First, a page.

17 May 2013

Behind the Scenes of Image Capturing

Have you ever wondered what happens behind the scenes of indexing and image capturing? There are more than 1. 5 million images are captured each week. Who makes this possible? Records preservation missionaries, contractors, FamilySearch employees, archive employees, and many volunteers are responsible for capturing millions of images each year. These historical records are captured so that they may be indexed, preserved, and published on FamilySearch.org.

There are about 222 cameras located all over the world; 92 cameras in the Western Hemisphere, and 130 in the Eastern Hemisphere. These industrial cameras can each take millions of images ranging from 16 to 50 megapixels. Computer software is used to calibrate the camera, capture the image, manage the project, and capture metadata or information about the records. Clamps and foam wedges are used to keep the book level and the image in focus. All images are saved on an external hard drive at the end of each week, placed in a protective case, and sent to Salt Lake City, Utah. Once the hard drive arrives in Salt Lake, it is sent through an auditing process where rejected images are sent back for rework and approved images are processed and published. View the video, “FamilySearch Records Preservation Missionaries,” to see the record preservation missionaries in action

Once these images are captured, they need to be indexed to be searchable on FamilySearch.org. Volunteer to index these images today

Current and Completed Projects 

To view a list of currently available indexing projects, along with their record language and completion percentage, visit the FamilySearch indexing updates page. To learn more about individual projects, view the FamilySearch projects page

New Projects Added 

· België, Oost Vlaanderen, Sint-Lievens-Houtem—Burgerlijke Stand, 1901-1910 [Deel 2] 

· Brasil, Rio de Janeiro—Cartões de Imigração, 1900–1965 [Parte 3II] 

· Brasil, Rio de Janeiro—Cartões de Imigração, 1900–1965 [Parte 3JJ] 

· Canada—1911 Census 

· Colombia, Antioquia—Diócesis de Sonsón y Rionegro, 1814-2008 [Part 3] 

· Deutschland, Hessen, Landkreis Marburg-Biedenkopf—Sterberegister, 1946–1980 

· Italia (Antenati Italiani), Bergamo—Nati, 1875-1894 [Part 2B] 

· Italia (Antenati Italiani), Modena—Nati, 1875–1902 [Parte 2]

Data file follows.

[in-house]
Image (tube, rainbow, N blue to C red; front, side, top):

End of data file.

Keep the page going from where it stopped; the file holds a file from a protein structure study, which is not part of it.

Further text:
· Magyarország, Szabolcs—polgári anyakönyvi adatok, 1895–1978 [5. Rész] 

· South Africa, Orange Free State—Estate Files, 1951–1980 [Part 2A] 

· Suisse, Fribourg—1834 Recensement 

· U.S. (Community Project), New York—New York Passenger Lists, 1942–1957 [Part J] 

· U.S., Indiana, Wayne—County Marriages, 1811–1959 

· U.S., Iowa—1905 State Census [Part A] 

· U.S., Iowa—County Marriages, 1838–1992 [Part D] 

· U.S., Massachusetts—State Vital Records, 1841–1920 [Part A] 

· UK, Kent—Register of Electors, 1825–1900 

· UK—WWI Service Records, 1914–1920 [Part 3] 

· UK—WWI Service Records, 1914–1920 [Part 4] 

· Zimbabwe—Death Notices, 1904–1976 [Part 1] 

· Россия, Тверь—Метрические книги церкви, 1722–1918 [часть 1] 

View the FamilySearch projects page to see the full list of available projects and to learn more about how to participate in various projects. 

Recently Completed Projects 

Note: Recently completed projects have been removed from the available online indexing batches and will now go through a final completion check process. They will be published at FamilySearch.org in the near future. 

· Italia (Antenati Italiani), Pesaro e Urbino—Nati, 1885–1902 [Parte 2] 

· Italy, Trento - Baptisms 1784-1924 [Part 2A] 

· Nicaragua, Masaya - Registros Civiles 1879-1984 

· Sverige, Örebro—Kyrkoböcker till 1860 [Del 6] 

· Sverige, Örebro—Kyrkoböcker till 1860 [Del 6] 

· U.S. (Community Project), Florida, Key West—Passenger Lists, 1898–1945 

· U.S. (Community Project), New York, Northern—Arrival Manifests, 1902–1956 

· U.S., Maine—Delayed Returns for Births, Marriages, and Deaths, 1670–1891 

· U.S., Mississippi—Military Grave Registrations, 1936–1951 

· U.S., Ohio—County Births, 1856–1956 [Part C] 

· U.S., Oklahoma—Land Allotment Records of the Five Civilized Tribes, 1899–1907 [Part 1E] 

About FamilySearch 
FamilySearch International is the largest genealogy organization in the world. FamilySearch is a nonprofit, volunteer-driven organization sponsored by The Church of Jesus Christ of Latter-day Saints. Millions of people use FamilySearch records, resources, and services to learn more about their family history. To help in this great pursuit, FamilySearch and its predecessors have been actively gathering, preserving, and sharing genealogical records worldwide for over 100 years. Patrons may access FamilySearch services and resources free online at FamilySearch.org or through over 4,600 family history centers in 132 countries, including the main Family History Library in Salt Lake City, Utah.